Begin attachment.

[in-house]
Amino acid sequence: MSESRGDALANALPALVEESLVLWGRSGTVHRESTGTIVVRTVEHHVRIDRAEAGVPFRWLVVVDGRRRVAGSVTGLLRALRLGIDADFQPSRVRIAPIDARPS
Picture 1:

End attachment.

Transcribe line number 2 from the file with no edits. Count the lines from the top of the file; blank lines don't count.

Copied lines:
Amino acid sequence: MSESRGDALANALPALVEESLVLWGRSGTVHRESTGTIVVRTVEHHVRIDRAEAGVPFRWLVVVDGRRRVAGSVTGLLRALRLGIDADFQPSRVRIAPIDARPS